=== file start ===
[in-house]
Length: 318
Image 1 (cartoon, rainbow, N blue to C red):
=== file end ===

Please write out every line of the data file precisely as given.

[in-house]
Length: 318
Image 1 (cartoon, rainbow, N blue to C red):